I’ve had years of experience in the consultative selling world of IT, hardware, software, and professional services. My clients are located in both the private commercial sector and public sector arenas. I recently switched to selling business applications, and although most of my knowledge transferred, there have been some new twists.
Accounting software benefits businesses by providing control over areas such as invoicing, inventory, expenses, and money management. Each year more companies turn to programs like Microsoft Dynamics GP (our company’s main accounting software), to automate, and to understand their businesses better. The key in any new sales position is to distinguish yourself from your competition. Here are two key differences that I can see already:
Expecting the Software be the ‘End All’ By Itself.
Microsoft makes great products, and they have some useful marketing material to start with; however you need to take things a step further.
Think about the last time you walked into a retail establishment on a mission to buy something. Odds are you didn’t just walk in, pick up the item, pay for it, and leave. A more likely scenario is that after locating the product in question, you discovered there were several other options to choose from. At this juncture, you will spend some time reading the information on the packaging, finding a sales associate, or even getting a recommendation from a fellow shopper. You probably even went online to check the product out before even going to the store.
Purchasing a Business application software for your company is not as easy as buying a product at a retail establishment; however, you can follow certain similar steps to gain comfort. The sales consultant should assist you during the information and discovery phase of the sale cycle. During this phase the sales consultant should focus on the WOW factors to help make the customers decision easier. My prior position was more about relationships, pricing, and product comparison; now, I have to really espouse the implementation services as being key. Quite different than shaving a few points off a server deal.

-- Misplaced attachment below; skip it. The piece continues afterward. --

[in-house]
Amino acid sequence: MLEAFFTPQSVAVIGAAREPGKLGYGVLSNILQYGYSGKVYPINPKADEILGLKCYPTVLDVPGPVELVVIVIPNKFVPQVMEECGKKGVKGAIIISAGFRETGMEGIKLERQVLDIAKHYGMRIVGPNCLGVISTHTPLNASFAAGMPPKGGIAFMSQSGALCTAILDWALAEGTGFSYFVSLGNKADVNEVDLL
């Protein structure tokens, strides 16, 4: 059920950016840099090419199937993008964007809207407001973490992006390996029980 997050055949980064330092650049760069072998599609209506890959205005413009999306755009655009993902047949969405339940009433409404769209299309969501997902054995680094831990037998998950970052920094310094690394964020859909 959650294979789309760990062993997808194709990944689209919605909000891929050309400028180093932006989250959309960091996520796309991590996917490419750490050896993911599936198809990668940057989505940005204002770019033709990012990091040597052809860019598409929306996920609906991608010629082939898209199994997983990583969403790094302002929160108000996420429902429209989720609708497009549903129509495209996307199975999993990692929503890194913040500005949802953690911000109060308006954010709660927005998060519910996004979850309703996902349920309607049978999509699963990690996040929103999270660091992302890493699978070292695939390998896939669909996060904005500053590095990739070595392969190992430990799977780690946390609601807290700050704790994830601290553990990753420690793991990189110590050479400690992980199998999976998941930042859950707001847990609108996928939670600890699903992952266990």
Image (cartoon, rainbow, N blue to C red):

Ignoring the KISS (keep it simple stupid) principle.
There’s no shortage of options for those looking to buy accounting software. The big question that needs to be answered is, “Why should anyone buy them from you?”
Managing customer relationships through this process can be a tricky business; avoid gimmicks, high pressure sales and unnecessary fluff. Today’s customer wants to hear about the services and implementation benefits, not the product features and functions that differentiate you from the competitor.
Websites should be clean and easy to navigate and say what you do, not some nebulous statements about value and strategy. The sales process should be an open and transparent process, with trust building along the way, so the “close” is merely a formality of contract terms and conditions. The promises made should be documented so that the prospect has a “no surprise” journey from initial meet and greet to the signing of the contract.
All in all, I love a new challenge and love learning, so this experience (even though still new) is great. Just like anything else, learning comes easy if you have a plan in place. A sales consultant must have goals and a clear concise plan in order to achieve these goals. If the plans for learning and achieving sales are followed, success is just around the corner.
Want to learn more about selling business applications? Need advice as a new sales associate? Contact our sales team at [email url=”firstname.lastname@example.org” class=””]email@example.com[/email]